Innovations in Supervising Drug-Involved Criminal Offenders

The two most-commonly proposed policy solutions for drug-fueled crime are alike only in being wrong. The hard-edged approach, whether borne of anger, fear or frustration, is to bang up as many intoxicated offenders as possible. Politicians who adopt this stance rarely suffer at the ballot box, but in policy terms they’re on a hiding to nothing. The prison system is already financially costly and filled to capacity, and even were it expanded there is no evidence that the threat or even the actuality of a stint in prison causes many drug-involved offenders to change their behaviour.

The soft-hearted, equally misguided, policy alternative is to attack the problem by offering addiction treatment to all drug-using offenders. Addiction treatment is a critical part of the health care system and does indeed reduce criminal offences by those who seek it out. But few offenders present for treatment on a voluntary basis, and when magistrates order them to it en masse (as have unsuccessful programmes in the UK and in California) most offenders either don’t show up or nod gamely through a counselling session or two and then return to drug use.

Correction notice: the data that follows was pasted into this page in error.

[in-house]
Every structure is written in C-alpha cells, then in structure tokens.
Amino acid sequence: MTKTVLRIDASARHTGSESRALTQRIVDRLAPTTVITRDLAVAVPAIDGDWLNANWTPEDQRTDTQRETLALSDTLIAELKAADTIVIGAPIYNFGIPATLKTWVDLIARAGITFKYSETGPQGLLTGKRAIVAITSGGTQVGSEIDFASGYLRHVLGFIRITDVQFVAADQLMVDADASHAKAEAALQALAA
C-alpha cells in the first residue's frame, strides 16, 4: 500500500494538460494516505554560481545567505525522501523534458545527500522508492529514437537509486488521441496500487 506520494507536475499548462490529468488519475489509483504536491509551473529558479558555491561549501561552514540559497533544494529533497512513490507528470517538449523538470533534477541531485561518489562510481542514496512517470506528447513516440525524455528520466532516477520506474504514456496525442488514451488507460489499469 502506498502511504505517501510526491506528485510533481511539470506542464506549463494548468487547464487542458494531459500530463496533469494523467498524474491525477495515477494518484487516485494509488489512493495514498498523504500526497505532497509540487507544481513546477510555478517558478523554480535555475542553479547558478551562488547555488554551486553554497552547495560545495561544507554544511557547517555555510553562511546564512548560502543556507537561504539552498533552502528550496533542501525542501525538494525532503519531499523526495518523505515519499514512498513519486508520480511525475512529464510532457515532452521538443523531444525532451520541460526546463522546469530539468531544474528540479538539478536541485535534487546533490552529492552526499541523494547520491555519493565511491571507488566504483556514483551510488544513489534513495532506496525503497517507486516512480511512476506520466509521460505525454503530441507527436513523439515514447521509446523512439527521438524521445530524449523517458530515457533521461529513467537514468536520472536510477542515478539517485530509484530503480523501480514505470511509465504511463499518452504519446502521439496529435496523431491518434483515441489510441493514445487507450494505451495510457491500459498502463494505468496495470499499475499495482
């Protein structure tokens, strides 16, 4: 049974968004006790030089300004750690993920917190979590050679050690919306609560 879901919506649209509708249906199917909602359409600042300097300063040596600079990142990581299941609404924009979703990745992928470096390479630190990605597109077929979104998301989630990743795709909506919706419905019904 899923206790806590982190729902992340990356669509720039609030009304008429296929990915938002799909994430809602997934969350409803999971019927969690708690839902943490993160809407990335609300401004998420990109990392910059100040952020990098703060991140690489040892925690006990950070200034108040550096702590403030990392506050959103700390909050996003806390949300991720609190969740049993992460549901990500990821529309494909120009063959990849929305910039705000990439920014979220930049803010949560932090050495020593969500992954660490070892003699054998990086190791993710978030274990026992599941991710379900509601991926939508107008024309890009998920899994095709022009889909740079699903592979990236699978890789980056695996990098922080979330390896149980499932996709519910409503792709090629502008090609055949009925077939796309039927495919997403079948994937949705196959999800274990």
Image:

That’s yours truly writing about ways to reduce crime by and incarceration of drug-involved criminal offenders, particularly when the drug of concern is alcohol. Full article text available for free in Crossbow, the magazine of the Bow Group think tank in London.

Author: Keith Humphreys

Keith Humphreys is the Esther Ting Memorial Professor of Psychiatry at Stanford University and an Honorary Professor of Psychiatry at Kings College London. His research, teaching and writing have focused on addictive disorders, self-help organizations (e.g., breast cancer support groups, Alcoholics Anonymous), evaluation research methods, and public policy related to health care, mental illness, veterans, drugs, crime and correctional systems. Professor Humphreys' over 300 scholarly articles, monographs and books have been cited over thirteen thousand times by scientific colleagues. He is a regular contributor to Washington Post and has also written for the New York Times, Wall Street Journal, Washington Monthly, San Francisco Chronicle, The Guardian (UK), The Telegraph (UK), Times Higher Education (UK), Crossbow (UK) and other media outlets.

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